Shammi Kapoor plays a wealthy man who pretends to be poor while far away from home. He falls in love with the only daughter of a poor blind man. Pran comes along and throws a spanner in the works.
Kashmir ki Kali? Yes, but also Dil Tera Deewaana.
It’s been a long while since I reviewed a Shammi Kapoor film, and considering he happens to be my favourite actor, I decided it was high time I revisited one of his films. I’d watched Dil Tera Deewaana many years back and remembered just the bare bones plot (besides the title song, which I don’t really care for). I did remember, though, that it was fairly entertaining as a film.
The story gets off to a flying start. Mohan (Shammi Kapoor) is the only offspring of very wealthy parents (Ulhas and Mumtaz Begum). While Mummy dotes on her son and is indulgent, Daddy is, with every passing day, losing patience with Mohan. Instead of going to office to work, for instance, Mohan is absconding—and when his father runs him to earth (in the aptly named ‘The Rebel Club’), it’s to find his son singing and dancing along with a friend, Anokhe (Mehmood), who’s in drag.
A scared Mohan (with a gibbering Anokhe, both of them terrified of Mohan’s father) explains that they’re rehearsing a play. This does nothing to endear him to Daddy, who is thoroughly incensed.
Daddy’s anger goes up a few notches that night, when Mohan, having duped his mother into thinking he’s sleeping in his room, slips out through the window and heads for the theatre. Daddy [the apple doesn’t fall far from the tree?] quickly exchanges clothes with their driver and sends the man off while he, pretending to be the driver, gets into the car and drives Mohan, who doesn’t even bother to look closely at the uniformed character in the front seat.
Along the way they pick up Anokhe, and the two young men sit in the back and exchange notes on life. Mohan cribs about how his freedom is curtailed, his father doesn’t let him do anything, he is watched all the time, blah blah. Anokhe says he wouldn’t mind all of that if he could live in the sort of luxury Mohan is used to. Oh, how gladly they would exchange places! Daddy, sitting in the front seat and eavesdropping, fumes and decides he’s got to do something.
Having revealed his true form and frightened the wits out of Mohan and Anokhe, Daddy hurries off to put in action a plan he has to set Mohan right: he will send the young man off to stay with Captain Dayaram Jang Bahadur (Om Prakash), an ex-jailor friend who prides himself on being able to beat into shape anyone who comes his way.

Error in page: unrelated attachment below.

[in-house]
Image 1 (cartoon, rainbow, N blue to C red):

Dayaram is more than happy to oblige an old friend. Mohan, accordingly, is packed off to the old jailor’s home, which is in Ooty. Daddy refuses to give Mohan any pocket money for his sojourn, but a sympathetic Mummy sneaks a roll of three thousand rupees, packed into a steel dabba, which she passes off as sweets. She manages to tell Mohan what it really is, so Mohan leaves home happily…
… and picks up Anokhe along the way. Because Mohan has a plan.
The plan is that Anokhe, calling himself Mohan, will land up at Dayaram’s home and make himself comfortable there while Mohan will go off and get a taste of the freedom he so yearns for. Anokhe is sceptical: won’t Dayaram recognize him? No, because he hasn’t seen Mohan.
Anokhe’s other protests are all brushed away, and he, decked up in one of Mohan’s suits and looking relatively natty, arrives at Dayaram’s home. Dayaram may be retired, but handcuffs, whip, and an air of almost tyrannical bossiness surround him. His daughter Malti (Shubha Khote—in just how many films did she star opposite Mehmood?) is quickly given charge of Anokhe, to show him around the house and get him acquainted with the routine he’ll follow (including working in an office that is part of the house).
A string of servants brings in Anokhe’s (actually Mohan’s) luggage, and Anokhe begins to settle in, quickly falling in love with Malti—who reciprocates.
Meanwhile, Mohan is at the hotel where he and Anokhe had checked in for a couple of days before beginning their exchange programme. He realizes too late that along with everything [the key word being ‘everything’] that’s gone off to Dayaram’s, the steel dabba containing the precious money given by Mummy has also gone.
The hotel manager comes along asking for payment, and Mohan has to admit that he doesn’t have a naya paisa to pay for anything. A hairy and nasty-looking bouncer-like character is called in, and Mohan manages to take him along to Dayaram’s, getting him to wait outside while he sneaks in and tries to get Anokhe alone in an attempt to retrieve that precious dabba.
All of these attempts are in vain, and Mohan is finally obliged to give the bouncer the slip and race off, climbing into a bus and finding himself sitting next to a pretty stranger (Mala Sinha). Although she’s not kindly disposed towards him, she—out of the goodness of her heart—pays for his ticket when she realizes he’s not got the money to even buy himself a ticket.